In order to prioritize their well-being, we place a strong emphasis on this foundational aspect and create a nurturing environment. Here are a few sensory tools that can be beneficial:

  • Vibration: Improve proprioception and tactile input by incorporating a full-body vibrating machine or vibrating massage.
  • Brushing Protocol: Implementing deep pressure for relaxation.
  • Acupressure Mat: Improving pressure input on the skin and joints.
  • Heavy Work: Utilizing weights, theraband, or resistance bands for strengthening muscles.
  • Weighted Blankets: Offering deep touch pressure to alleviate anxiety levels.
  • Compression Garments: Enhancing proprioception, calming the nervous system.
  • Animal Assisted Therapy: Introducing an animal into the therapeutic process for comfort and emotional support.


Additional Strategies To Help Teens Who Self Harm

Besides integrating sensory tools, there are numerous other strategies that can offer benefits to teenagers who engage in self-harm. Establishing a nurturing environment prioritizing their sensory needs is key to supporting their healing journey.

Engage with your community!

It is crucial to involve your teenager in community activities, whenever feasible. One suggestion is to motivate their engagement in group hikes or other recreational pursuits that resonate with their interests.

Stay active!

Boxing or kickboxing can offer invaluable outlets for adolescents to release their energy, frustration, and anger in a productive way. Engaging in various forms of exercise, such as meditation and mindfulness practices, not only boosts self-esteem but also provides an opportunity to acquire new skills.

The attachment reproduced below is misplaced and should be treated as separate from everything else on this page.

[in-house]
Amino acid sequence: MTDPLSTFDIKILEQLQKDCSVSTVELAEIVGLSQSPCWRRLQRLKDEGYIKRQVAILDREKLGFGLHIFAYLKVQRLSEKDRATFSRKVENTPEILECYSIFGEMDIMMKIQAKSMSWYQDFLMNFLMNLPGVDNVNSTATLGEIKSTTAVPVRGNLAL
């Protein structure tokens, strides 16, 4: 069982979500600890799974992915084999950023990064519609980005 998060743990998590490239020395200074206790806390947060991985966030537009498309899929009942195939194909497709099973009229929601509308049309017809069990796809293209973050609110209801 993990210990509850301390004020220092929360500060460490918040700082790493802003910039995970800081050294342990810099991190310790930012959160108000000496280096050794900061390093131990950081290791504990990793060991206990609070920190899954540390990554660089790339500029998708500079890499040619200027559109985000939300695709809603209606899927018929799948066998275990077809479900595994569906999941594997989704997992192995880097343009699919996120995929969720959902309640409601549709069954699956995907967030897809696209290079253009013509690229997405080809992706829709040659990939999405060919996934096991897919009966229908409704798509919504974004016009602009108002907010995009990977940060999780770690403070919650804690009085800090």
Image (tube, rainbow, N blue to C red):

Engaging in community service and volunteer work!

When faced with challenges and hardships, individuals often become consumed by their own thoughts, disconnecting from the world around them. However, your child can cultivate a profound sense of purpose and self-worth by actively assisting others.

Engaging in this practice enables individuals to acquire insightful perspectives and realize that situations may be less daunting than initially perceived. By providing support and extending a helping hand, we uplift others and uncover fulfillment and a rejuvenated sense of purpose in our lives.

Starting their own business!

Your child can unlock endless possibilities by pursuing their passions, envisioning their future, exploring their interests, and leveraging their expertise. This allows them to showcase their talents and provides invaluable assistance to those in need.

Set future goals!

While financial stability is undeniably important, it is equally crucial to empower teenagers with the invaluable skill of setting goals for their future. Oftentimes, they find themselves entangled in their own thoughts, succumbing to self-destructive patterns and unable to envision a life beyond the confines of the present moment.